Dennis Hopper, 74, an actor and director whose low-budget biker movie "Easy Rider" made an unexpected fortune by exploring the late 1960s counterculture, and who changed Hollywood by helping open doors to younger directors such as Steven Spielberg and George Lucas, died Saturday at his home in Venice, Calif.
Hopper, who enjoyed a career resurgence in the 1980s and 1990s playing alcoholics and compelling psychopaths in films including "Hoosiers," "Blue Velvet" and "Speed," got a cancer diagnosis last year.
"Easy Rider," released in 1969, was often called a generational marker, a film set to a pulsating rock soundtrack and filled with hallucinogenic imagery meant to evoke the rebellious youth counterculture. As the director, co-star and co-screenwriter of "Easy Rider," Hopper called the film his "state of the union message" about a country on the brink of self-destruction because of the Vietnam War, political assassination, prejudice, intolerance and greed. He, actor Peter Fonda and writer Terry Southern shared an Oscar nomination for best original screenplay.
Independently financed, "Easy Rider" cost less than $500,000 to make and grossed tens of millions of dollars. This windfall astonished executives at many Hollywood studios, which were losing lots of money after years of making flops.
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The economic success of "Easy Rider" "signaled a sea change in Hollywood, causing studio chiefs to embrace the new 'youth audience' and offer employment to other young, even untried, filmmakers," said film critic and historian Leonard Maltin.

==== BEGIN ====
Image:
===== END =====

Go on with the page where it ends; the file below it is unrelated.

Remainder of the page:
"Easy Rider" was credited with helping usher in the "New Hollywood" of the 1970s with the rise of younger directors including Spielberg, Lucas, Martin Scorsese, Francis Ford Coppola and Peter Bogdanovich.
Hopper was a first-time director when he made "Easy Rider." He had started his movie career with promise, appearing opposite James Dean in "Rebel Without a Cause" (1955) and "Giant" (1956). But his reputation for substance abuse and angering veteran directors had caused acting offers to dry up at major studios.
Hopper's drug habit and other personal problems made it nearly impossible for him to duplicate the success of "Easy Rider."
In 1984, he was committed to the psychiatric ward of a Los Angeles hospital after experiencing a violent hallucination.
Hopper described this as the lowest point in his life. He said he stopped hard drugs and drinking and decided to channel his "compulsive" personality in other directions, namely work. He earned an Academy Award nomination for his supporting role as an alcoholic coach in the basketball drama "Hoosiers" (1986) opposite Gene Hackman and directed the police drama "Colors" (1988) starring Sean Penn and Robert Duvall.
Dennis Lee Hopper was born May 17, 1936, in Dodge City, Kan., where his father was a railroad postal worker. He grew up in San Diego, became an apprentice at the La Jolla Playhouse and left for Hollywood with the encouragement of film actress Dorothy McGuire, whom he met at the theater.
In January, while in cancer treatment, he filed for divorce from his wife of 14 years, actress Victoria Duffy. Survivors include three daughters and one son.